8. Don’t underestimate the power of the subject line
The first two things people look at when an email arrives in their inbox are the sender’s name & the subject line.
What they see there will decide whether they read the email or not. So, make sure that your subject line grabs their attention (whilst still being relevant to the content).
A final thought – people often ask the question “how often is too often?” when sending email newsletters. Too often and your readers might get sick of you, and you will see more readers unsubscribe. Meanwhile, if you send too infrequently, you will notice less people open your emails.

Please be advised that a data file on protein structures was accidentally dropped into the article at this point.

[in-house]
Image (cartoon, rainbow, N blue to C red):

Frequency is really only an issue when you fall into the trap of sending out information that is of little or no interest to your reader. That is why you always need to be sure to target the content to your reader – what are they going to be interest in? What is going to help them in their world (that you can provide)?
As long as you are sending relevant content (as measured by your readers), frequency is not an issue – as long as the period between emails is not too long – you don’t want people to forget about you!
Dennis Hall
Ausbizlinks
www.ausbizlinks .com.au

Dennis is a “Digital Nomad” with an MBA in Marketing Management & has been involved in the online environment for over 15 years. He helps local businesses develop sustainable online marketing programs by applying a strategic focus to laser target what a business needs to be doing & when. He can be contacted at www.communicationcommando.com